Mellifera said...

Once upon a time I did some consulting for, we'll call them a health-oriented fruit drink company who got all their fruit from Tahiti. I got into the country, was supposed to interview farmers, and I soon realize they're all pissed about something and want some answers. Huh? Gee, bosses, it would have been nice to tell me there was something going down before you SENT ME TO THIS @#*$& COUNTRY BY MYSELF.

Come to find out they'd been advertising heavily on TV and other media outlets telling farmers to plant more noni. So they did, and of course there was a market glut and they weren't buying very much of the crop and since that fruit is basically worthless except to hyped-over Americans they couldn't sell it to anyone but that company. Not to mention that this being a multi-level marketing company, they made the farmers buy equipment from them before they could sell fruit. Oh wait! That's not MLM, that's just agribusiness in America.

The bosses' response? "Glut on the market? Man. Well, that's just economics for you." And the weird thing was, they really were all nice folks. They just plain didn't get it, or were good at lying to themselves.

Kramer said...

Niche markets are where it is at. I just got back from a Texas Organic Farmers Growers Association (TOFGA) conference. There are very few growers of pastured pork in Texas, and those that do it, always have a waiting list for their products. I know this means more land needed, but hogs have always been the fastest return on investment livestock since the early 1900's. There has to be a way to continue this. You can't do it the same way as a commercial farm so you have to be different. I don't know what that means, but in farming these days, you have to appeal to all senses of you customers. Not just taste.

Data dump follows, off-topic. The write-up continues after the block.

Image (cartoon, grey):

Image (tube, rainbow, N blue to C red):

Ethan Book said...

Sugar Creek ... that is too bad that even the niche companies are starting to think and work like that. It just goes to show that regardless of the company direct may be the best for everyone involved.

Mellifera ... thanks for the insight. It is true that this just isn't happening in the US or in agriculture. It is becoming part of our culture ... hopefully one that we can slowly begin to change.

Kramer ... great thoughts! I would love to hear more about your conference. Are you going to write about it on your blog?

Yeoman said...

Re the article, I'd tend to somewhat discount it.

Not that it is inaccurate. It's likely accurate. Rather, it's not news, or at least not news in a truly new sense.

That may sound like an odd reason to take heart, but it sort of is. Basically, the farm economy in general (omitting certain sections of it, which would be the exception to the rule at various points in time) has been sick since about 1919. Or, rather, it was really healthy from about 1910 to 1919, and had been sick from about 1870 to 1910, and became sick again in 1919. Why would we take heart at that? Just this, farmers manage to keep on keeping on anyhow.

Now, that does tell us something needs to be done. But, having said that, for all the talk of "change" in this election season, I don't see any big changes to address this problem coming on.